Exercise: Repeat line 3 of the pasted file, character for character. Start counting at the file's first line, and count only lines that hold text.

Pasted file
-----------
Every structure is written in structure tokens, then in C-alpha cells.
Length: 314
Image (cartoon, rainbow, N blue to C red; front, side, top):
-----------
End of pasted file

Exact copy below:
Image (cartoon, rainbow, N blue to C red; front, side, top):